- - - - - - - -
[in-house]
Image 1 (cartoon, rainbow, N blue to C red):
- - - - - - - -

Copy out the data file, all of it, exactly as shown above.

[in-house]
Image 1 (cartoon, rainbow, N blue to C red):